• If an upcoming task is challenging for your toddler and you expect some resistance (like biting or pinching) tell them what’s about to happen. Do this BEFORE the demanding task occurs. Also, tell them what you expect. Too often adults think that children who aren’t talking don’t understand what’s going on. Sometimes they don’t, but many times they do. If we deny a child with a language delay the chance to engage in conversation, we consequently deny giving the child a fair opportunity to know what’s going on in his world.

      • For instance, let’s imagine that you dread changing your toddler’s diaper because he always cries and rolls, making it a pretty unbearable task. You anticipate that it’s going to be miserable so you react with quickness, surprise, and trickery. You scoop up your child in the middle of his post poop bliss and swiftly put him down on the changing table. You do this without any warning because you think the less he knows the better. Or, maybe you think: What does it really matter? He’s going to complain anyway. I urge you to talk to him. Talk to your toddler as you would anyone else. Too often children who are not talking get spoken to the least when in fact they need it the most! You could try saying: “Georgie, I’m going to change your diaper. I know you want to play with your kitchen (yes, folks – kitchen), but first, I have to change your diaper. Please lie down. It makes mommy happy when you listen.” This leads to my next point.

      • Let’s face the facts - we can’t always prevent a toddler from becoming frustrated. He may be tired, in pain, hot, hungry, and not have the words or know how to express himself. However, we can gently but firmly tell the child – “No biting. Biting hurts.” Talk at a level your child understands. If necessary, repeat yourself. I would also use the same key phrase each time that defiant behavior occurs.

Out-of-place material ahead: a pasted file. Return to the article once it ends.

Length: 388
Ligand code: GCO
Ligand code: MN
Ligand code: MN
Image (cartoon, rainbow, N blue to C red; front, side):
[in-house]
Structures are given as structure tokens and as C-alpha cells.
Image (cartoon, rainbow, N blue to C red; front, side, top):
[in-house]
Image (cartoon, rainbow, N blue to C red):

• If you find that the biting behavior (or other adverse behaviors) is on the rise, perhaps you need to reassess your child’s daily routines? Are they predictable and consistent? In My Toddler Talks, I write how important routines are for toddlers. I also write about it here.

  • Control your own reactions. How do you respond when your child bites or pinches? Are you quick to yell? Do you get angry? Do you over-react? Recent research indicates that parents who over-react and are quick to become angry are more likely to have toddlers who act out and become easily distressed.Shannon Lipscomb, an assistant professor of human development and family sciences at OSU-Cascades states the following: